Generally novels dealing with abstract themes without any tangible storyline don’t make very arresting reads. The Artist of the Floating World by Kazuo Ishiguro is an exception to the rule. Set in a post World War 2 Japan, the novel deals with multiplicity of themes.
How accepted values of the past come to be frowned upon by subsequent generations; how a war can change a country not only in terms of its physical landscape but also values; how a current generation can blame a former generation for something without fully appreciating a situation; Japanese art and culture. It almost has everything under the sun. Yet nothing seems forced. Every theme seems to fit into the larger architecture of the novel.
Ono worked as a propaganda artist during World War 2. Now retired, he ruminates on his past – about the friends he once had, the slow decline and disappearance of the pleasure districts he once visited regularly – his ruminations work as a window to the reader into different aspects of not only his own past but also that of the country.
Told in the first person, the recollections don’t flow in a chronological order but appear in a haphazard way triggered sometimes by a stray thought or by an unlikely object – progressing for some time to form a full-bodied theme and then when seen by the reader after it has run its course the sub theme appearing to be in sync with the larger theme. In the foreword Kazuo Ishiguro says he wanted to deal with memory like Marcel Proust.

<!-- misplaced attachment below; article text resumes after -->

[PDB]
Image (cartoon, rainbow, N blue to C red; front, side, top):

As an Asian I sometimes find Western novels culturally alien – oh, that sort of thing would never happen here. We treat our parents more respectfully than that etc. – but Japan seems too familiar. Arrange marriages, stiff respect for elders, conformity, everything is so similar to how India is. I had the same feeling when I had read Memoirs of Geisha by Arthur Golden, although it was on a different subject.
If there is any constant theme running through the book it is Ono’s concern about how others see his role during the war. His younger daughter’s marriage negotiations suddenly broke under rather mysterious circumstances.
One day while the marriage negotiations were still on he had a chance meeting with his would-be son in law who told him that the president of his company had committed suicide as an apology to the current generation on behalf of those who were responsible for the war. Ono had a long conversation with his future son in law about why should anyone be apologetic for the war trying to steer him away from his beliefs. Soon after this incident, the son in law’s family withdrew from the negotiations.
Ono suspects the husband of his elder daughter blames the previous generation for the war and believes his daughter shares her husband’s views. He goes through a moment of bitter introspection where he feels frustrated and angry about the accusatory attitude of the current generation towards his and decides to write an angry mail to his daughter and her husband.
Had it not been for Kazuo Ishiguro’s light and easy style of writing the book would not be an easy read. The Artist of the Floating World is the first novel I read as an ebook.